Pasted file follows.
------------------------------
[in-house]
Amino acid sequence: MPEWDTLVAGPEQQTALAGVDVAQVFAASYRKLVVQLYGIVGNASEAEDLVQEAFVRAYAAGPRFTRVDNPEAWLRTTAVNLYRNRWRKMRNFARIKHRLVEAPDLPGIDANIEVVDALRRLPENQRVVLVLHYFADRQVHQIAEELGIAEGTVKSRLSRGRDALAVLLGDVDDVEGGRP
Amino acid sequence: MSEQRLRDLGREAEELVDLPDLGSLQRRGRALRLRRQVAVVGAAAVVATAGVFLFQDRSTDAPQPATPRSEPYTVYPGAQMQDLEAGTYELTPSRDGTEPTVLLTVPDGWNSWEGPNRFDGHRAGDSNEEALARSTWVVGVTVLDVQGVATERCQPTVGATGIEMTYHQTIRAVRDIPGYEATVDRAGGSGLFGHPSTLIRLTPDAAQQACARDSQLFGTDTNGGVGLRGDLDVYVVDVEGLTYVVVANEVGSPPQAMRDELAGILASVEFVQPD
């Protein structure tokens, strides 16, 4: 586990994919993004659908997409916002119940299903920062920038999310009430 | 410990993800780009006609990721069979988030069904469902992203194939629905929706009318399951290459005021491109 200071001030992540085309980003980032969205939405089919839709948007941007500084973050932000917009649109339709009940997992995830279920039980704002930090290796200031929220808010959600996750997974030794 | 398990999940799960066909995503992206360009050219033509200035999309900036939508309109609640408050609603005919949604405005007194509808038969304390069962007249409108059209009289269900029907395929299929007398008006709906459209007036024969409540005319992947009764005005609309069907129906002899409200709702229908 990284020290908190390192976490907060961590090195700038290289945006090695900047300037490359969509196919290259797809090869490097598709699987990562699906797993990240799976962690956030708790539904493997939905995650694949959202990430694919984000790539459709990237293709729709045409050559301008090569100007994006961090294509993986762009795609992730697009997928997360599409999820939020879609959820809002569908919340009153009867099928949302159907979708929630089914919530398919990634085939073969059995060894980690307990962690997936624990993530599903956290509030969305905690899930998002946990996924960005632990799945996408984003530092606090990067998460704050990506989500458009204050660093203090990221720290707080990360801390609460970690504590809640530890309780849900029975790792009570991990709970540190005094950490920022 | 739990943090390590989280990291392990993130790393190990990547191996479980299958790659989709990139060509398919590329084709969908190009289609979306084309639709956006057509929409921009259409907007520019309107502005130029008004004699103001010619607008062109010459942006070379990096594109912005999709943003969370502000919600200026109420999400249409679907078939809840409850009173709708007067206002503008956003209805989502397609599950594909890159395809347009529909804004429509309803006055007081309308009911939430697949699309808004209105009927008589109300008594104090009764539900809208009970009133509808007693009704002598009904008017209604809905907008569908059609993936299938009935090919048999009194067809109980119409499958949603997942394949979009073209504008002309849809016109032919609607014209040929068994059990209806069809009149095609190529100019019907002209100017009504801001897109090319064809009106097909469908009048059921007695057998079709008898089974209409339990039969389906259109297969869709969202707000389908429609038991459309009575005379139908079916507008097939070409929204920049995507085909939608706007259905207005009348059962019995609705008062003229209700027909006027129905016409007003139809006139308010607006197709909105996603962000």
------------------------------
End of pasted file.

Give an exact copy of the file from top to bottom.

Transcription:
[in-house]
Amino acid sequence: MPEWDTLVAGPEQQTALAGVDVAQVFAASYRKLVVQLYGIVGNASEAEDLVQEAFVRAYAAGPRFTRVDNPEAWLRTTAVNLYRNRWRKMRNFARIKHRLVEAPDLPGIDANIEVVDALRRLPENQRVVLVLHYFADRQVHQIAEELGIAEGTVKSRLSRGRDALAVLLGDVDDVEGGRP
Amino acid sequence: MSEQRLRDLGREAEELVDLPDLGSLQRRGRALRLRRQVAVVGAAAVVATAGVFLFQDRSTDAPQPATPRSEPYTVYPGAQMQDLEAGTYELTPSRDGTEPTVLLTVPDGWNSWEGPNRFDGHRAGDSNEEALARSTWVVGVTVLDVQGVATERCQPTVGATGIEMTYHQTIRAVRDIPGYEATVDRAGGSGLFGHPSTLIRLTPDAAQQACARDSQLFGTDTNGGVGLRGDLDVYVVDVEGLTYVVVANEVGSPPQAMRDELAGILASVEFVQPD
């Protein structure tokens, strides 16, 4: 586990994919993004659908997409916002119940299903920062920038999310009430 | 410990993800780009006609990721069979988030069904469902992203194939629905929706009318399951290459005021491109 200071001030992540085309980003980032969205939405089919839709948007941007500084973050932000917009649109339709009940997992995830279920039980704002930090290796200031929220808010959600996750997974030794 | 398990999940799960066909995503992206360009050219033509200035999309900036939508309109609640408050609603005919949604405005007194509808038969304390069962007249409108059209009289269900029907395929299929007398008006709906459209007036024969409540005319992947009764005005609309069907129906002899409200709702229908 990284020290908190390192976490907060961590090195700038290289945006090695900047300037490359969509196919290259797809090869490097598709699987990562699906797993990240799976962690956030708790539904493997939905995650694949959202990430694919984000790539459709990237293709729709045409050559301008090569100007994006961090294509993986762009795609992730697009997928997360599409999820939020879609959820809002569908919340009153009867099928949302159907979708929630089914919530398919990634085939073969059995060894980690307990962690997936624990993530599903956290509030969305905690899930998002946990996924960005632990799945996408984003530092606090990067998460704050990506989500458009204050660093203090990221720290707080990360801390609460970690504590809640530890309780849900029975790792009570991990709970540190005094950490920022 | 739990943090390590989280990291392990993130790393190990990547191996479980299958790659989709990139060509398919590329084709969908190009289609979306084309639709956006057509929409921009259409907007520019309107502005130029008004004699103001010619607008062109010459942006070379990096594109912005999709943003969370502000919600200026109420999400249409679907078939809840409850009173709708007067206002503008956003209805989502397609599950594909890159395809347009529909804004429509309803006055007081309308009911939430697949699309808004209105009927008589109300008594104090009764539900809208009970009133509808007693009704002598009904008017209604809905907008569908059609993936299938009935090919048999009194067809109980119409499958949603997942394949979009073209504008002309849809016109032919609607014209040929068994059990209806069809009149095609190529100019019907002209100017009504801001897109090319064809009106097909469908009048059921007695057998079709008898089974209409339990039969389906259109297969869709969202707000389908429609038991459309009575005379139908079916507008097939070409929204920049995507085909939608706007259905207005009348059962019995609705008062003229209700027909006027129905016409007003139809006139308010607006197709909105996603962000």